You can receive the newsletter for free if you work for an EnergySec member organization (and if you don’t, maybe you should talk to someone about joining).  You can get a free 30-day trial here (the trial is for both of their newsletters: the weekly one on cyber security developments of interest to the industry, as well as the new CIP newsletter).

The views and opinions expressed here are my own and don’t necessarily represent the views or opinions of Honeywell.

Thursday, March 12, 2015

CIP Version 5: The Endgame

Things fall apart; the centre cannot hold;
Mere anarchy is loosed upon the world,
The blood-dimmed tide is loosed, and everywhere
The ceremony of innocence is drowned;
The best lack all conviction, while the worst
Are full of passionate intensity…
…And what rough beast, its hour come round at last,
Slouches towards Bethlehem to be born?
- W.B. Yeats, The Second Coming

It’s been said, “Just because you’re paranoid doesn’t mean everyone isn’t out to get you.”  Since I’m known as somewhat of a Chicken Little, I’ll modify that: “Just because you’re Chicken Little doesn’t mean the sky isn’t falling.”  Folks, the sky isn’t falling quite yet, but I’m beginning to find some suspicious pieces of something in my front yard (now that the snow is finally melting here in Chicago).  I think CIP v5 is now in the endgame, by which I mean there will soon be no more possibility that, starting 4/1/16, the v5.5 standards will be enforceable standards.   Either the compliance date will be pushed back, or the Registered Entities will be given a “holiday” – either intentionally or unintentionally – from being assessed Potential Violations, as long as they’ve made a good faith effort to comply.

Here are some of those pieces, in no particular order[i]:

Item:  I heard last week that some of the NERC regions are now encouraging entities not to choose to be audited on CIP v5 if they have an audit scheduled this year; instead, they are telling them to stick with v3.  This is not a good sign; the auditors in these regions clearly don’t think they understand v5 well enough to audit it yet.  But this means these regions won’t get v5 audit experience, and their entities won’t get experience trying to comply with v5, until the date when they have to be fully compliant, April 1, 2016.  The whole idea of the transition program was that entities and auditors were going to get valuable experience with v5 before the compliance date.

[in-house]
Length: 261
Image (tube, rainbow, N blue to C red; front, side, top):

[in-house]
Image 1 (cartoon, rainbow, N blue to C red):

Item:  I heard about another region that was doing just the opposite: strongly encouraging some entities to be audited on v5 this year, even if they can’t also maintain their v3 compliance program (which they are supposed to do, according to NERC’s v3-v5 Transition Plan).  Since v5 is now only being audited on a “just for fun” basis (and since v3 will effectively be as well, given what the region is telling the entity), this may indicate that this region just wants to focus on having their auditors and entities learn about v5 compliance together, without gumming that up with an adversary auditing experience.  To be honest, I like that approach a lot; however, it doesn’t give much encouragement to the idea that CIPs v5 will be an enforceable set of standards next year.

Item:  I participate in one of the CIPC working groups that is working on compliance issues.  They have been working on a Lesson Learned having to do with whether communications equipment should be considered as BES Cyber Systems, where there is no ESP in a substation.  However, as we pursued the discussion, it became clear there can be no resolution to this issue until larger issues with CIP-002-5.1 R1 are addressed – specifically , the question of how you are supposed to identify BES Cyber Systems in general (which I just addressed in a post this past weekend).

Everyone pretty quickly agreed with this conclusion, but the question is what to do next.  As you may know, I think the only way to fix CIP-002-5.1 R1 is to send it to meet its Maker and start over again with a SAR for a new standard (which of course will probably take three years to come to be developed).  The group clearly wasn’t quite ready to agree with that, although they also couldn’t come up with any other way to actually fix the requirement (hint: There is none.  The only other binding option is to do a Request for Interpretation.  But those take almost as long to bear fruit as rewriting CIP-002 will.  The same goes for all the other issues that are tied to the meaning of CIP-002-5.1 R1 – including more fundamental ones like how one identifies a BES Cyber System; none of these will be properly addressed for years, until the requirement is rewritten from scratch.  Therefore, entities have to identify their cyber assets in scope for v5 pretty much using their own interpretations of R1, which is probably the most confusing and contradictory requirement ever written by NERC.